Johns Hopkins professor discusses mood disorders at Christopher Darling art gallery

College of Communication and Information (CCR) Diversity Director AJ Leu speaks to visitors at the Christopher Darling Memorial Gallery Show. The gallery is located in Taylor Hall, while the mental health discussion followed after in Cartwright Hall.

Brady Warmbein Reporter

Artists and other creative people could be linked with mood disorders, a national mental health expert told visual communication design students, faculty and other attendees Thursday.

“There is a very much an elevated rate of bipolar levels and creative occupations in bipolar Swedish patients,” Dr. Kay Redfield Jamison, a professor of psychiatry from Johns Hopkins School of Medicine, said.

Her discussion, “Touched with Fire: Mood Disorders, the Arts and Creativity,” addressed the research she had conducted over the past several decades regarding mood disorders, specifically bipolar disorder and manic depression. This event was held in conjunction with the Christopher Darling art gallery; both events were sponsored by the School of Visual Communication Design.

About 151 studies on mood disorders and creativity exist, and the findings are “pretty consistent,” Jamison said.

One Swedish population-based study followed the performance of 16-year-old students to determine if psychiatric illness existed later in their lives.

“The researchers followed up with them almost 10 years later,” Jamison said. “Individuals with excellent school performance in language and music, which are creative outputs, had a particularly strong association with increased risk for bipolar disorder.”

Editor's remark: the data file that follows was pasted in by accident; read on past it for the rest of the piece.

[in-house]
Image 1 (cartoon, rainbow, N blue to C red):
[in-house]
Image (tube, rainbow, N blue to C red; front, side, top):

Bipolar disorder affected many artistic people, including Vincent Van Gogh, Ernest Hemingway, Robert Lowell and even Chris Darling.

After struggling with bipolar disorder, Chris Darling died by suicide June 2018. Darling struggled with mental illness since he was young, said Craig Darling, Chris’ father.

After reading Jamison’s book, “An Unquiet Mind: A Metaphor of Moods and Madness,” Deborah Darling, Chris’ mother, was able to better understand and help her son. Inspired by her work, she recommended Jamison speak at Kent State.

“I know that, especially in the art department because of the creative element, there’s a lot of students that struggle with their mental health,” Deborah Darling said. “So we wanted to be open about it and do something that would really help the students.”

Darling got into contact with Dave Robins, the associate director of the School of Digital Sciences, who agreed that Jamison’s discussion might help students.

“I came in contact with a lot of students [when I was interim director of VCD] who were having their own issues with trying to cope with the pressures of school,” Robins said. “I don’t want for students who have these issues to feel like they’re alone, that it’s weird or anything like that. These are important issues for them to acknowledge and for everyone to deal with in time.”

Students have plenty of on-campus mental health resources at their disposal, but getting started might be a challenge.

“Students can begin to take care of their own mental illnesses with the right direction,” Jamison said. “Learn. Read. Ask people. Talking gets the conversation going. Don’t hide from it.”

Brady Warmbein is a reporter. Contact him at [email protected].